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Minister blindsided by plans for Montpelier renovations

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Survey waived: this file picture from 2021 shows the Montpelier residence sitting idle and in need of repairs (Photograph by Blaire Simmons)

A government minister has criticised civil servants within his department for breaching protocols after they allegedly pushed forward a planning application without his knowledge, consent, or approval.

Officers for the Ministry of Public Works prepared an application to renovate Montpelier — a government-owned property and the former official residence of the Deputy Governor — at least three months ago, despite previous public proclamations from Public Works minister Lieutenant-Colonel David Burch that the project was not a priority.

When alerted by this newspaper last week that an application for final approval had been submitted by his ministry’s staff, Colonel Burch said that he had been blindsided by the development and would withhold funding to ensure that it would not go ahead.

He added that his ministry’s estates department had failed to consult him and his permanent secretary prior to submitting the application.

Blindsided: Lieutenant-Colonel David Burch, the Minister of Public Works, was unaware that officers within his ministry had submitted a planning application to upgrade a government-owned property (File photograph)

He said: “The first I and the permanent secretary knew about a planning application being made was when The Royal Gazette asked the question.

“The estates department are responsible for such matters, but normal practice would dictate that the permanent secretary and I be informed of the work that they are doing.”

In its application to the Department of Planning, the Ministry of Public Works sought to carry out internal renovations to the property — which has been abandoned and left derelict for the last five years — and also upgrade outside facilities to include a swimming pool and garage.

Architectural firm Entasis Architecture drafted drawings of the proposal as early as March 2022 — apparently without Colonel Burch’s knowledge.

Ministry of Public Works documents revealed that government officials ordered Entasis to submit a planning application for the Devonshire property in April this year.

In a letter to the planning department dated April 27, Dalton Burgess, a project manager for the Ministry of Public Works and acting senior estate surveyor, wrote: “To whom it may concern, please be advised that we have authorised Entasis Architecture to sign for and submit the above application [Montpelier renovations at 15, Middle Road, Devonshire] on our behalf.”

Further documents suggest that civil servants were keen for the project to move forward.

In a June 2 e-mail to Michael Emery, the director of Entasis, Paul McDonald, a senior officer within the Department of Planning, wrote: “I can confirm that the requirement for a survey can be waived in this case.”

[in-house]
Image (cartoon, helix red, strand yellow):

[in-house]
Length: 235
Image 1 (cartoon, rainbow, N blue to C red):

July 12 planning application

Ministry of Public Works

15 Middle Road

Devonshire BM DV02

Proposed Internal Renovations and Additions to Existing Cottage, New Swimming Pool, Driveway and Garage. (Listed Building)

(Final Approval)

Colonel Burch, a former commanding officer of the Royal Bermuda Regiment, has now fired a warning shot across the bows of civil servants attempting to bypass his authority.

He said: “With the application for Montpelier having just been brought to my attention, I have now requested the list of any and all other planning submissions and I can assure you that none of these will proceed without my full review and consent.

“At this juncture, I can confirm that work on this [Montpelier] property will not commence at any time in the near future and that no funds have been budgeted or allocated for the same.

“I, like the rest of the country would agree, our money, the taxpayers’ money, would be far better utilised on more pressing and critical matters like road paving, which is at the forefront of everyone’s mind, at present.

“As the Minister for Public Works, it is my priority and my commitment to facilitate the restoring and repairing of the island’s critical infrastructure, such as bridges and roads.”

Montpelier, a Grade III-listed structure, was built in the late 18th century and later housed senior officers from the British military.

It was purchased by the government in the 1950s and adopted as the official home of the Colonial Secretary — a position which later became the Deputy Governor.

But the property has been left empty since 2018. Its current state of disrepair has prompted campaigners to call on the Government to either renovate the building or sell it.

In an August 2021 Royal Gazette article, a spokesperson for the Bermuda National Trust said: “Montpelier today is in a sorry state due entirely to wilful neglect — so sad for a once-treasured family home.

“One wonders why, if the Bermuda Government no longer has a use for the house, it is not sold to someone who would restore and appreciate it.”

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Published July 17, 2023 at 7:59 am (Updated July 17, 2023 at 7:42 am)

Minister blindsided by plans for Montpelier renovations

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